- Organ Failure: In rare circumstances, organ failure may occur following ESG. This may include failure of the kidney, heart, lungs or liver.
- Admission to Hospital: Complications of the procedure or anaesthesia may require admission to hospital. In some cases, surgery may be necessary to treat a problem or complication.
- Deep Vein Thrombosis (DVT)/Pulmonary Embolism: Blood clots are a rare complication but obese patients are more prone to developing blood clots in the veins of the legs than are normal weight patients. Blood clots that form in the legs, or elsewhere, and break off and travel to the heart and lungs may cause death. To help minimise the risk, leg squeezing devices are fitted over the legs during the operation.
- Other Complications that may be common: Allergic reactions, headaches, itching, medication side-effects, damage or irritation of the vein where intravenous medications were given, heartburn/reflux, anaesthetic complications, injury to the bowel or vessels, gas bloating, aspiration of gastric contents into the lungs.
- Death: While the procedure is still new, there have been no reported deaths resulting from the ESG procedure to date. We expect the mortality rate of the ESG procedure is low, estimated at less than 1 in 10,000. Note: this does not preclude the risk of death.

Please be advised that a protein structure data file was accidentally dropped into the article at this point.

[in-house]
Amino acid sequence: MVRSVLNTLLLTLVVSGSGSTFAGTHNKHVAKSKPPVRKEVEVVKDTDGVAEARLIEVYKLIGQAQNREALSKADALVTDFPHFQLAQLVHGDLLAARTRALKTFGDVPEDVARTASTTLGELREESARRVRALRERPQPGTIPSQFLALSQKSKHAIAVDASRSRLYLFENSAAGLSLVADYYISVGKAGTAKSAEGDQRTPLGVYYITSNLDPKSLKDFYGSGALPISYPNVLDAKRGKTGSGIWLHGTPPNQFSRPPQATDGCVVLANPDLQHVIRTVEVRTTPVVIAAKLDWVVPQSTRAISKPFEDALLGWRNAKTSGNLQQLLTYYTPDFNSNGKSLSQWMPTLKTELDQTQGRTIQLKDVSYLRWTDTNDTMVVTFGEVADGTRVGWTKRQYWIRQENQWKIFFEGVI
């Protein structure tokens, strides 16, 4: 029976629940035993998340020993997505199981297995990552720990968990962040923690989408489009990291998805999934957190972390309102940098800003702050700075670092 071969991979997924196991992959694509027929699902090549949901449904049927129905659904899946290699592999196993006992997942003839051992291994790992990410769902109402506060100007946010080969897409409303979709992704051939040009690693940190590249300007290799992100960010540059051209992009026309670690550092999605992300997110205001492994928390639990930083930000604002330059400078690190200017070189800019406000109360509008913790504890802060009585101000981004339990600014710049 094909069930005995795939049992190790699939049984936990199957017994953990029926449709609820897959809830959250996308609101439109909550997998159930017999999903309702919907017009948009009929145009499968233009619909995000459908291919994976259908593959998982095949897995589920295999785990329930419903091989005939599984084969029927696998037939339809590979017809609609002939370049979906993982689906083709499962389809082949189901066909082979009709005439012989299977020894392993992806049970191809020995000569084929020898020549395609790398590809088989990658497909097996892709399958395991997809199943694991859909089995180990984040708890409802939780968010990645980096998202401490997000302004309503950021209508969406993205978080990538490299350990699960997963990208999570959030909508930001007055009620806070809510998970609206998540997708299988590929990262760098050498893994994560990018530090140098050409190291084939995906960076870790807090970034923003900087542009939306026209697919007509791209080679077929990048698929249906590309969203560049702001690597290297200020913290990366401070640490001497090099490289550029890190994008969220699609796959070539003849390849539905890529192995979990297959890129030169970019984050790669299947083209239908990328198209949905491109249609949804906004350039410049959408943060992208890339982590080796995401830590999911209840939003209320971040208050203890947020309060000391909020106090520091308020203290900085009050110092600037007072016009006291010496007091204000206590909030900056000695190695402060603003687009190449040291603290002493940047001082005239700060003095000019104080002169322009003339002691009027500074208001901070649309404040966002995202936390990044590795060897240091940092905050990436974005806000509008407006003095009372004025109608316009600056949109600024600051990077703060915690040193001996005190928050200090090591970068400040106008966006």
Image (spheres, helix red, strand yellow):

- Post-Procedure Symptoms: These are common in the first few days after the procedure, and patients may experience stomach cramps, stomach pain/discomfort, nausea, vomiting, acid reflux with heartburn / indigestion, minor bleeding in the stomach or oesophagus, and a feeling of fullness or bloating. You will be prescribed medications to assist in controlling these symptoms and it is important that you purchase these medications and take them as directed. If these symptoms persist or worsen, you should contact the clinic immediately (including by the 24-hour patient support number outside of business hours). Rarely, patients may additionally have symptoms of diarrhea, sore throat, excessive salivation, gas or belching, hiccups, constipation, gastrointestinal hypermotility, oesophageal dysmotility, aspiration, hyperventilation, gastritis, halitosis (bad breath), indigestions, or dizziness.
- Dehydration: Some patients may become dehydrated after the procedure and need to have intravenous fluids administered.